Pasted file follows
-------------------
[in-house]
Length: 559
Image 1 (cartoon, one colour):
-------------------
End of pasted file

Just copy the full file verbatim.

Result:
[in-house]
Length: 559
Image 1 (cartoon, one colour):